Dr. Rachelle Ankney grew up in the Midwest and, after achieving her doctorate, she found her way to North Park where she has taught for over a decade.
For Dr. Ankney, “Engaging with students about justice issues happens more easily at North Park than at other schools. I love going into the new semester and meeting wonderful people.”
Her most popular courses are Math 1030, a general education class, and Abstract Algebra. Although on two ends of the spectrum, general education and major-specific courses respectively, Dr. Ankney says that in both classes she creates an environment where students change their self-perception. “They come in thinking they can’t, and leave thinking they can.” In both courses, students are challenged to stretch beyond their perceptual limits and discover what they’re capable of mathematically.
Living in Chicago, and with a curriculum tied to the city, Dr. Ankney’s adoration for Chicago is contagious. “My GE math courses are very political. A lot of how racism has shaped the city of Chicago. Mathematics has a lot to say about systems of injustice because mathematics can be used to establish that something is systemic instead of individual.” This was something that Dr. Ankney could not bring into the classroom until North Park gave her the space to facilitate it in the classroom.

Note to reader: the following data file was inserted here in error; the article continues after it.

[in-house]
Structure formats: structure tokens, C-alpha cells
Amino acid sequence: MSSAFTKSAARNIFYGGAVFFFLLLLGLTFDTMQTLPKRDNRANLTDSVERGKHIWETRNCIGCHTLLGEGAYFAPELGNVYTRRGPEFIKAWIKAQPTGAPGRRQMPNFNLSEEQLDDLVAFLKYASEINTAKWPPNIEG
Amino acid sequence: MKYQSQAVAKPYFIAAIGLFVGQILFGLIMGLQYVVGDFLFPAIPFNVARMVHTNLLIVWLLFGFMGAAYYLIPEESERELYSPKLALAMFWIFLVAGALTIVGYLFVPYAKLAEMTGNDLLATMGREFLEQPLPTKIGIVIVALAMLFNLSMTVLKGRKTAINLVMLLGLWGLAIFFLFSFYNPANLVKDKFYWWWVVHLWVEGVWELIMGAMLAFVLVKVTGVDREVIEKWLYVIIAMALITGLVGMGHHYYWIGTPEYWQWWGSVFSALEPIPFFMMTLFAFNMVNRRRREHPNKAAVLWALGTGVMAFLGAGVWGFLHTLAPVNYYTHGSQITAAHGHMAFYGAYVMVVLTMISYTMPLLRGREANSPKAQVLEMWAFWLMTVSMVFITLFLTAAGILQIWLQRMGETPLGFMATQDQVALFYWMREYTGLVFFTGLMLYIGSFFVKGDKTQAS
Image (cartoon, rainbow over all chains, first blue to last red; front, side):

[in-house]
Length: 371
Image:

Dr. Ankeny and Dr. Kaestner, co-wrote a math textbook, Just Math (Kendall Hunt Publishing, 2015), in which mathematics is applied to social justice issues.
Dr. Ankney’s favorite place in Chicago? “Pilsen. People have to go to Pilsen; to see the street art and graffiti there, and eat some tacos. Chicago’s best-kept secret is the Lakefront trail south of soldier field. It’s totally different from the Lakefront trail north.”